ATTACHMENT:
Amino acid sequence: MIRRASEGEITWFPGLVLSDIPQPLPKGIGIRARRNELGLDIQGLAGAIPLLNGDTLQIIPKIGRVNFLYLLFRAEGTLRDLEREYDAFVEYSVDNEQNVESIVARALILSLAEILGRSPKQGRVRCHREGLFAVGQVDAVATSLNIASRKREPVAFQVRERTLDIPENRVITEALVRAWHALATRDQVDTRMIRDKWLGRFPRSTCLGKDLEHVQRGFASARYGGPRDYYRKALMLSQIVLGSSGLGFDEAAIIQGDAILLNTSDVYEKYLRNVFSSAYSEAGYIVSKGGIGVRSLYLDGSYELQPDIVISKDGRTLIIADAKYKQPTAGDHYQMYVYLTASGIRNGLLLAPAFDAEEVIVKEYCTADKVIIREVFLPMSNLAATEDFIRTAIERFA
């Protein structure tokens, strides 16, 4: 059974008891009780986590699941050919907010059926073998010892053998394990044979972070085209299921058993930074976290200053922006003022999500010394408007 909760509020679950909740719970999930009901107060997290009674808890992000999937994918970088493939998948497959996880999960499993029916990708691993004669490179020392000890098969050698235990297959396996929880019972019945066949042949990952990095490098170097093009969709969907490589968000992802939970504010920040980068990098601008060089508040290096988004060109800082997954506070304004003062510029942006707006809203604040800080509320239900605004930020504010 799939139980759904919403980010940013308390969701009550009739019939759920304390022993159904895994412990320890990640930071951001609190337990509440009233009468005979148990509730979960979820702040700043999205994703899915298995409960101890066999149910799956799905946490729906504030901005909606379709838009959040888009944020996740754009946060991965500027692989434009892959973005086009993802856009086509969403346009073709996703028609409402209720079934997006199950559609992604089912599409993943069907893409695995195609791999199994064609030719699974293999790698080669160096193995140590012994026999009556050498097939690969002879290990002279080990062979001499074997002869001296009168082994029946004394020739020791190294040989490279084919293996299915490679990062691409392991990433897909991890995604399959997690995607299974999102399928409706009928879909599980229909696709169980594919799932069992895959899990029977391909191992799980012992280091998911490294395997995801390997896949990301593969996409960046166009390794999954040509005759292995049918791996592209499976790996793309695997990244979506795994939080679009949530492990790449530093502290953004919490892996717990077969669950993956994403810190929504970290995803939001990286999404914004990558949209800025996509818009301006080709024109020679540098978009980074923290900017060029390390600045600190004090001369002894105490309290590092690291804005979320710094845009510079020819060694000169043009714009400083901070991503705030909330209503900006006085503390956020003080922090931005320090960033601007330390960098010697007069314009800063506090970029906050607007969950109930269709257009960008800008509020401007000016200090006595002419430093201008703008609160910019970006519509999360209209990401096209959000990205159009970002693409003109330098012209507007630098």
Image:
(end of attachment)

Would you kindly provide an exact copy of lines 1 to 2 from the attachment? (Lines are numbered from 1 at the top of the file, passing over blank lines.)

Amino acid sequence: MIRRASEGEITWFPGLVLSDIPQPLPKGIGIRARRNELGLDIQGLAGAIPLLNGDTLQIIPKIGRVNFLYLLFRAEGTLRDLEREYDAFVEYSVDNEQNVESIVARALILSLAEILGRSPKQGRVRCHREGLFAVGQVDAVATSLNIASRKREPVAFQVRERTLDIPENRVITEALVRAWHALATRDQVDTRMIRDKWLGRFPRSTCLGKDLEHVQRGFASARYGGPRDYYRKALMLSQIVLGSSGLGFDEAAIIQGDAILLNTSDVYEKYLRNVFSSAYSEAGYIVSKGGIGVRSLYLDGSYELQPDIVISKDGRTLIIADAKYKQPTAGDHYQMYVYLTASGIRNGLLLAPAFDAEEVIVKEYCTADKVIIREVFLPMSNLAATEDFIRTAIERFA
């Protein structure tokens, strides 16, 4: 059974008891009780986590699941050919907010059926073998010892053998394990044979972070085209299921058993930074976290200053922006003022999500010394408007 909760509020679950909740719970999930009901107060997290009674808890992000999937994918970088493939998948497959996880999960499993029916990708691993004669490179020392000890098969050698235990297959396996929880019972019945066949042949990952990095490098170097093009969709969907490589968000992802939970504010920040980068990098601008060089508040290096988004060109800082997954506070304004003062510029942006707006809203604040800080509320239900605004930020504010 799939139980759904919403980010940013308390969701009550009739019939759920304390022993159904895994412990320890990640930071951001609190337990509440009233009468005979148990509730979960979820702040700043999205994703899915298995409960101890066999149910799956799905946490729906504030901005909606379709838009959040888009944020996740754009946060991965500027692989434009892959973005086009993802856009086509969403346009073709996703028609409402209720079934997006199950559609992604089912599409993943069907893409695995195609791999199994064609030719699974293999790698080669160096193995140590012994026999009556050498097939690969002879290990002279080990062979001499074997002869001296009168082994029946004394020739020791190294040989490279084919293996299915490679990062691409392991990433897909991890995604399959997690995607299974999102399928409706009928879909599980229909696709169980594919799932069992895959899990029977391909191992799980012992280091998911490294395997995801390997896949990301593969996409960046166009390794999954040509005759292995049918791996592209499976790996793309695997990244979506795994939080679009949530492990790449530093502290953004919490892996717990077969669950993956994403810190929504970290995803939001990286999404914004990558949209800025996509818009301006080709024109020679540098978009980074923290900017060029390390600045600190004090001369002894105490309290590092690291804005979320710094845009510079020819060694000169043009714009400083901070991503705030909330209503900006006085503390956020003080922090931005320090960033601007330390960098010697007069314009800063506090970029906050607007969950109930269709257009960008800008509020401007000016200090006595002419430093201008703008609160910019970006519509999360209209990401096209959000990205159009970002693409003109330098012209507007630098």